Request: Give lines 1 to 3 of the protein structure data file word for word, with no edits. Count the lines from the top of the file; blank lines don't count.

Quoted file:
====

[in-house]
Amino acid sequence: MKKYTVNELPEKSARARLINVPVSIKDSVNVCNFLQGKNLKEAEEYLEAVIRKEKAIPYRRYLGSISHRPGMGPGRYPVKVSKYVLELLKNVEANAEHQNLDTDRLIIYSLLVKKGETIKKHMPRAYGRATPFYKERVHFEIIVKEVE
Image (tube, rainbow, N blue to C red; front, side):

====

[in-house]
Amino acid sequence: MKKYTVNELPEKSARARLINVPVSIKDSVNVCNFLQGKNLKEAEEYLEAVIRKEKAIPYRRYLGSISHRPGMGPGRYPVKVSKYVLELLKNVEANAEHQNLDTDRLIIYSLLVKKGETIKKHMPRAYGRATPFYKERVHFEIIVKEVE
Image (tube, rainbow, N blue to C red; front, side):